Cadence sensors are a low-effort way to power your bike. Because they only detect how quickly your crack rotates, you can activate them without much strain. For people with tender knees or other health-related issues, cadence sensors are ideal.

This option is also significantly cheaper than torque sensors. If you can’t afford a high-quality eBike, one with cadence sensors won’t disappoint you.

On the other hand, torque sensors are much more sensitive. They make cycling intuitive since the motor responds more accurately to their detailed inputs.

It’s the logical and natural way for most people to ride. The more effort they put in always translates to the more speed, or torque, they receive. Because of that, torque sensors are also the best for riding through uneven terrain or if you must stop and frequently start on your route.

Read also about: Guide to Torque Sensor eBike

Do All eBikes Have a Cadence Sensor?

Not all eBikes have a cadence sensor. Instead, many eBikes have torque sensors.

Since torque sensors are more precise and give you a smoother ride, they’re the favorite of high-end bike producers. However, that quality comes attached to a severe price. Advanced technology isn’t cheap, and neither is a torque sensor’s components.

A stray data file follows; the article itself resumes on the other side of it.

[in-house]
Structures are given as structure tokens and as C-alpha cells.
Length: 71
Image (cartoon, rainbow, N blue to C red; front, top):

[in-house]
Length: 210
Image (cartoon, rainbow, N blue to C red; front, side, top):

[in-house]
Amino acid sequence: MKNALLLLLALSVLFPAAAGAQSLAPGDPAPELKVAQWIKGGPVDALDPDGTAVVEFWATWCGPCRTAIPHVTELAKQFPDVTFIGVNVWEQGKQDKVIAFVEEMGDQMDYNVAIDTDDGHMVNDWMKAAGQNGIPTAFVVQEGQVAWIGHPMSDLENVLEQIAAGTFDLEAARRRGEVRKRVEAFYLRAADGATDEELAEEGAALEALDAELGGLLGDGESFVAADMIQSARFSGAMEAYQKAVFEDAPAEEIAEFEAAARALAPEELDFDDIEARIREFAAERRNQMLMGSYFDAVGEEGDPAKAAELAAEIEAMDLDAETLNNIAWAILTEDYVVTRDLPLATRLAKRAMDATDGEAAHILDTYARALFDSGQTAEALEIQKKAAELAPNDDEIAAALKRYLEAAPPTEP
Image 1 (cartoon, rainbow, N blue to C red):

Because of that, most budget eBikes still come equipped with a cadence sensor.

Older eBikes typically have cadence sensors, too, since their designs predate the torque sensor’s invention or widespread use.

The legislation also plays a role. While most American-made eBikes have cadence sensors, cadence sensor-only eBikes are banned in other countries.

You can find eBikes that have both sensor types. Although these models are expensive, they combine the best of both worlds to an impressive degree.

Look out for an eBike with a cadence and torque sensor. The pedal-assist quality is unmatched, and activating it guarantees a smooth ride where you’re always in control. It’ll give you consistent power when pedaling normally but bursts of speed when you need it.

Conclusion

To conclude, a cadence sensor for an eBike is an excellent choice for a recreational rider or anyone on a low budget. Although they’re less responsive and rougher than torque sensors, they provide consistent power for much less physical effort. Cadence sensors are affordable, reliable devices, and you’ll find them on most electric bikes.